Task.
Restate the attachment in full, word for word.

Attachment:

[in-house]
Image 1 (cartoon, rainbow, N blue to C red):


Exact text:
[in-house]
Image 1 (cartoon, rainbow, N blue to C red):